MOTOR SPORT: SO you thought it was hot this week? Try circulating a race track in temperatures in the high seventies, curled up in a ball clad in leathers over a scorching radiator at speeds of up to 180mph. That's hot - and the easy bit!
Hanging over the side of the machine on the corners with backside scraping the Tarmac is the scary part. It's also living life to the limit and that's what Superside Sidecar world champion passenger Jamie Biggs does every couple of weeks in defence of the title he won with rider Steve Abbott last year.
The duo have been riding the circuits together since 1996 and last year was the pinnacle of their careers. But the championship regulations banning riders beyond the age of 50 means their partnership will end next year when Abbott, from Derby, reaches his half century.
All the more reason for the champions to go out in style, but the chances of them retaining their crown look slim after a frustrating series so far. They had fuel-pump problems at Monza and their latest mishap was at Misano in San Marino where their machine died on them on the fourth lap.
They believe the problem has been sorted but their hopes of storming back to the podium this weekend have been dashed by the cancellation of the next round of the championship at the A1 Ring in Austria.
It doesn't mean a day off, though. Biggs, who lives in Saughall, and Abbot have reorganised their schedule to head for Mondello Park in Ireland where they can put their rejuvenated machine through its paces before Brands Hatch, Assen, Imola and Magny-Cours hoping to claim enough points to retain their title.
Can it be done after such a rollercoaster season? 'You never know in motorcycling. The other contenders could have bad races and we could win,' said Biggs who has the incentive of trying to finish ahead of his passenger brother Philip, who is lying seventh in the table with his partner Tom Hanks.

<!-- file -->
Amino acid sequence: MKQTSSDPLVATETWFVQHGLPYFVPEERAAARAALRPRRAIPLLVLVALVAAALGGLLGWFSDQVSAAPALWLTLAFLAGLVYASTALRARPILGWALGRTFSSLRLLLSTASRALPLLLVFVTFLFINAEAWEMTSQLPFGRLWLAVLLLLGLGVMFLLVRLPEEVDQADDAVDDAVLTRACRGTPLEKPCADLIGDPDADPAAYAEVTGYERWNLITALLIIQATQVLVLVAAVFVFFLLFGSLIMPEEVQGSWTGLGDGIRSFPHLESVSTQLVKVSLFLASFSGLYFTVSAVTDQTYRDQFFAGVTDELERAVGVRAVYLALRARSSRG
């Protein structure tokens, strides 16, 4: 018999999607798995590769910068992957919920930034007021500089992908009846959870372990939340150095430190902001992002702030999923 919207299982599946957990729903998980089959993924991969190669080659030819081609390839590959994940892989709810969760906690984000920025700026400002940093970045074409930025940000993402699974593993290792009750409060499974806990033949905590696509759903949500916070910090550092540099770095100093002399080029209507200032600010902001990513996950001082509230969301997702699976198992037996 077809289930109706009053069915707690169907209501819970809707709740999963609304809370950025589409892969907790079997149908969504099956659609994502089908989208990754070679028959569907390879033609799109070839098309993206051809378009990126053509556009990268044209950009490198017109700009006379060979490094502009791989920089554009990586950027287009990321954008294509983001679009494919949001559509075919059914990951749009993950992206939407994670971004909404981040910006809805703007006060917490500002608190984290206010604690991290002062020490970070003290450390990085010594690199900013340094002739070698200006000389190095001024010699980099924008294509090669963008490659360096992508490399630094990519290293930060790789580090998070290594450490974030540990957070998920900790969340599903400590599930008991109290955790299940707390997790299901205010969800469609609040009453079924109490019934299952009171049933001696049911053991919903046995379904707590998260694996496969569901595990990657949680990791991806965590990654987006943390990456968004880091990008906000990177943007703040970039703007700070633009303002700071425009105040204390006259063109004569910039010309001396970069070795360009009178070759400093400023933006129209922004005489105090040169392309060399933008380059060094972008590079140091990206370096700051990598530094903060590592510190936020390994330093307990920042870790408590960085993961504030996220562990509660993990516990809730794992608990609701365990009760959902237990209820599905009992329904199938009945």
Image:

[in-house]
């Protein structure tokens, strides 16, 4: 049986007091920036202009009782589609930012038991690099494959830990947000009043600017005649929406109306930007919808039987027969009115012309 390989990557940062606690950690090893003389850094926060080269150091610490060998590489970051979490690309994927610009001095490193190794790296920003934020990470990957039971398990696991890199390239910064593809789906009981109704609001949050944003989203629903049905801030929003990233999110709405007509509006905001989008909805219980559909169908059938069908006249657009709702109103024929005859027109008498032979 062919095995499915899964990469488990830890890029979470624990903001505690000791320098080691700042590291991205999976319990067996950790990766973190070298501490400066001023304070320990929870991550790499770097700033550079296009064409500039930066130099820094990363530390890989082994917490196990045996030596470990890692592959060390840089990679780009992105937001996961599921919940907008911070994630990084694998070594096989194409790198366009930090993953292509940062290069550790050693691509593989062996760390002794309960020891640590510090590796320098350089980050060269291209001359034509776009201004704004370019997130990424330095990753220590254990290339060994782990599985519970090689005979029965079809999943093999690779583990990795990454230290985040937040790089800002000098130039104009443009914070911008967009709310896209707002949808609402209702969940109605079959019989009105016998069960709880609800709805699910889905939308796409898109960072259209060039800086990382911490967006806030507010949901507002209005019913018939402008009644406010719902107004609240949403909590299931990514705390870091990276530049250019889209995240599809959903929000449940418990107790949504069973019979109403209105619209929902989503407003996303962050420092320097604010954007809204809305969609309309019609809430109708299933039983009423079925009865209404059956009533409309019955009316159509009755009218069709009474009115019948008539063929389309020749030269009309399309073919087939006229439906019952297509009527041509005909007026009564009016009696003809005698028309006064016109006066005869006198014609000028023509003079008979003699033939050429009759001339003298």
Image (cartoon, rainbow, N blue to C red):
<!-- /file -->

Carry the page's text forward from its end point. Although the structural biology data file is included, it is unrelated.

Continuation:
Jamie and Abbott are fifth leading up to the next race at Brands Hatch next week - 45 points behind the leaders - and it promises to be a close call to see which brother finishes higher in the standings.
Despite the sibling rivalry, the competition between the two never gets out of control. 'I suppose we are rivals in a sense, but I am made up for Phil when he does well and it's the same the other way around.'
With 53-year-old uncle Vince Biggs setting the standards with a successful career on the track before his recent retirement and another brother, Robert, also a keen rider, they can't afford to let any rivalry get out of hand. Family comes before racing.
And for Jamie, racing comes before virtually everything else. 'I haven't had a steady job since I was made redundant,' he explained. 'I do a few odd jobs here and there, but I am virtually a full-time racer, except that I don't make any money out of it.'
It has cost £5,000 to enter the championship and £30,000 for engine redevelopment on their 1,000cc Suzuki, as well as travelling and other expenses. Not surprisingly, they rely heavily on sponsorship.
'We do it because we love racing,' said Biggs. 'It is something I always wanted to do. It's awesome racing at up to 180mph and it's always worse when the weather is hot.
'It has been disappointing so far this season because we had bought new gear following our victory last season, but that's motorsport. We will keep plugging away and hope our luck changes.'